Perhaps one of the most complicated and discussed issues regarding the virtual trial with criminal defense attorneys is whether it violates the Confrontation Clause of the Sixth Amendment of the Constitution which ensures "[i]n all criminal prosecutions, the accused shall enjoy the right… to be confronted with the witnesses against him." The purpose of the Confrontation Clause is to allow the trier of fact, most of the time a jury, to determine whether each witness is telling the truth and confirm the reliability of the evidence.
The U.S. Supreme Court, in Maryland v. Craig, 497 U.S. 836 (1990), identified four primary guarantees embodied in the Confrontation Clause: (1) the right of “personal examination;” (2) that a witness will testify under oath; (3) that a witness will submit to cross-examination; and (4) that the jury may observe the demeanor of the witness in making his or her statement. While the Supreme Court did not note that a face-to-face encounter with the witness was required and that two-way live video may be acceptable under certain circumstances, it did note that these guarantees must be present to permit such evidence.
The late-Antonin Scalia famously wrote in dissent in Craig “This [procedure] gives the defendant virtually everything the Confrontation Clause guarantees everything, that is, except confrontation. I am persuaded, therefore, that the Maryland procedure is virtually constitutional….it is not, however, actually constitutional. Id. at 870.
In a recent case, State v. Thomas, 376 P.3d 184 (N.M. 2016), the New Mexico Supreme Court held that the two-way video testimony of a forensic analyst violated the defendant’s Sixth Amendment right to confrontation. Id. at 187. The court’s discussion of the Confrontation Clause illustrates how current U.S. Supreme Court precedent leaves courts struggling to apply established tests to two-way video testimony.
In a virtual trial, a criminal defendant cannot directly confront their accuser and witnesses, and the jury does not have the benefit of observing the entirety of the witness’ demeanor, thus likely raising an appealable issue.
In-Person COVID Trials
The Protective Facial Mask
As courts begin to open around the country, many are wondering about how to resume in-person jury trials. Although the threat of COVID-19 varies across the country, the fact remains that there is no treatment, cure, or vaccine to date. Accordingly, when in-person trials resume, personal protective equipment, including a face mask, is one of the prophylactic measures most likely to be implemented. Typically, face masks cover the area of the face from the top of the nose to the chin, completely obscuring the mouth and cheeks of the wearer. The judge, stenographer, attorneys, witnesses, and litigants will likely all be required to wear protective masks. This presents logistical issues, including whether the speech of a masked attorney, judge, or witness is muffled or inaudible, as well as legal issues, such as masks impeding assessment of a party’s or witness’s demeanor.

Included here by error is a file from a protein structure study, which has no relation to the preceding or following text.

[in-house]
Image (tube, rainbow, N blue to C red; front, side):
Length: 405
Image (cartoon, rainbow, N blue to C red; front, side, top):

According to most standard jury instructions on credibility, a witness’s appearance while testifying is a component of demeanor and should be considered. See People v. Sammons, 478 N.W.2d 901 (Mich. App. 1991) (the defendant is deprived a face-to-face confrontation with a witness who testifies in court wearing a ski mask). Barriers to this assessment, in the form of marks or other facial coverings, can make a juries' job very difficult.
In a recent high-profile criminal case in New York, the government’s cooperating witness refused to remove her sunglasses while testifying. These sunglasses obscured the juries' ability to see her eyes while tasked with the responsibility of evaluating her credibility. After numerous complaints by defense counsel invoking the Confrontation Clause, the judge ordered the witness to remove her sunglasses while testifying. A protective facial mask worn to prevent the spread of disease and which, as a result, may not be easily removed, is no doubt more obstructive of a witness’ face than sunglasses.
Selection Bias: Minority and Older Jurors
Logistic issues aside, “selection bias” is another major concern with a traditional in-person jury trial conducted during the COVID-19 health pandemic. Selection bias occurs when the seated jury, is not representative of what the jury pool would be pre-COVID. An in-person jury pool will likely skew younger and healthier as those with medical conditions may choose to defer jury service. The jury may have a dearth of essential workers such as those in the health care profession or those who are precariously employed.
Most significantly, the COVID-19 pandemic may disproportionately affect minority communities, which may result in a disparate impact and proportionately fewer minorities in the jury pool. Taylor v. Louisiana, 419 U.S. 522 (1975) (“the selection of a petit jury from a representative cross section of the community is an essential component of the Sixth Amendment right to a jury trial.”); Strauder v. West Virginia, 100 U.S. 303 (1879) (6th and 14th Amendments prohibit categorical exclusion of jurors by race). Moreover, even if a jury pool starts off with a representative population, it could easily become skewed during the selection process. In a pandemic, it is likely that more jurors may cite legitimate reasons to be excused from the jury, including childcare, business reasons, or even the health of family members who may be immuno-suppressed. The interplay of these legal and logistical issues may thus combine to create significant appellate issues for in-person jury trials conducted in the midst of a pandemic.